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I'm trying to to make the below expression simpler, and it would be great if it could be expressed as something like $(x+y)^k$.

$$ \sum_{i=0}^k\binom{n+1}i\binom{m+1}{k-i}x^iy^{k-i} $$

The number $\binom{n+1}i$ is the coefficient of $x^i$ in $(1+x)^{n+1}$, and similarly $\binom{m+1}{k-i}$ is the coefficient of $y^{k-i}$ in $(1+y)^{m+1}$. The expression above is in fact the $k$th Chern class $c_k$ of the direct sum of two projective spaces ($CP^n$ and $CP^m$), but the problem may be viewed as completely separate from differential geometry.

I've tried to see if the coefficients match up with coefficients in expansions like $(1+x+y)^{n+m}$, but I can't see any immediate pattern. So, my question is, is it possible to simply the above expression?

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    $\begingroup$ Something I notice right off is that the two-variable nature of this is pretty slim, since you can factor out an overall $y^k$ and define $z=x/y$ to get a generating function in $z$ alone. (Obviously the final expression will probably look more symmetric with $x$ and $y$, but for purposes of analysis I think $z$ is preferable.) $\endgroup$ – Semiclassical Jul 29 '14 at 17:41
  • $\begingroup$ Got something from the answer below? $\endgroup$ – Did Aug 13 '14 at 12:01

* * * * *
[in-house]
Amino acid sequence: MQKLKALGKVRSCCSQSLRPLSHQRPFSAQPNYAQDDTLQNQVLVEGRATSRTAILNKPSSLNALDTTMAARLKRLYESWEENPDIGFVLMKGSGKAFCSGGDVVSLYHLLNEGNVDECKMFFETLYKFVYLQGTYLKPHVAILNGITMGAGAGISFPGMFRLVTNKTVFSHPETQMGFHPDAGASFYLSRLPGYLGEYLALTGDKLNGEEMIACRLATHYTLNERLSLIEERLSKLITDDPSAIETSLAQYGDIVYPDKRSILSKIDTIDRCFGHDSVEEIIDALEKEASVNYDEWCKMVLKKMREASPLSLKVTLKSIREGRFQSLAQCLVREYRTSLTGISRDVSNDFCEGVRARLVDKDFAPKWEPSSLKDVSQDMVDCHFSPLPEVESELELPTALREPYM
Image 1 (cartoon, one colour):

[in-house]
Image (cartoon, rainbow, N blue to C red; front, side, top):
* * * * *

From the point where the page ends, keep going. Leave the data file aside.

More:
• $\begingroup$ @Did not really, I mean that's the position that I started from, since the Chern class of a direct sum is the product of the Chern classes of the summands. I abandoned this question since I didn't get any other answers, but I guess yours is as close as I can get. $\endgroup$ – Jānis Lazovskis Aug 13 '14 at 12:14
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This is the coefficient of $t^k$ in the polynomial $(1+tx)^{n+1}\cdot(1+ty)^{m+1}$.

Not sure one can go further in full generality.

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  • $\begingroup$ One can play a bit with something like rewriting this into a product of powers of $\dfrac{1+tx}{1+t y}$ and $(1+t x)(1+ty)$ which might be useful if $n$ and $m$ are far apart v. nearly the same. But beyond that... $\endgroup$ – Semiclassical Jul 29 '14 at 17:51

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